Even within a single nation, there is mass confusion and contradiction among its gambling laws that make an Abbott and Costello routine look like a treatise on the Austrian school of economics by comparison.

Is the lottery gambling? Not if it’s run by the government (US, Germany, New Zealand, and a host of others).

Is poker a game of skill? Many governments take the tack that betting in a game of chance is gambling, but betting in a game of skill is not.

So it stands to reason (and that’s the last time you’ll see me use “reason” in an article about governmental gambling laws) that some agreement could be found among governmental entities as to whether poker is a game of chance or of skill. You’d think that.

Well, it is considered a game of skill in a number of US states. In others, it’s lumped in with games of chance, which means it falls under the jurisdiction of that state’s anti-gambling laws.

Want to build a casino? Only if you’re a member of one protected group or another (Canada, US, among others). Only if you never intend to let your fellow countrymen place a bet there (Philippines, South Africa).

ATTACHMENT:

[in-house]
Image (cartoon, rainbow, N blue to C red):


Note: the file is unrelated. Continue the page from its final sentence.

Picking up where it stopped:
Want to play at an online casino? Only if it’s physically located in your province/state (Germany, US, India), sometimes only if you’re also physically in that province/state (Germany, US, India).

And let’s not forget the height of contradiction — Philippine gambling law — which permits all manner of gambling in its government-run casinos, allows domestic companies to host online casinos within its borders, but makes it illegal for those domestic online casinos to accept bets from Filipinos. Yes, you read that right

A Filipino can make a legal bet with a foreign-based online casino from the laptop on his kitchen table, but the local online casino hosted in an office building across the street is not permitted to accept a bet from that same Filipino. They can wave at him, though. Probably.